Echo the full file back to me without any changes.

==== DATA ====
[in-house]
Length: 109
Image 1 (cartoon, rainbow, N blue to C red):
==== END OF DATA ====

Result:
[in-house]
Length: 109
Image 1 (cartoon, rainbow, N blue to C red):